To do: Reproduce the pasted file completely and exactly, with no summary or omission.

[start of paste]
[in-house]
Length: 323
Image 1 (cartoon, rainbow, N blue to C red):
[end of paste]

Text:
[in-house]
Length: 323
Image 1 (cartoon, rainbow, N blue to C red):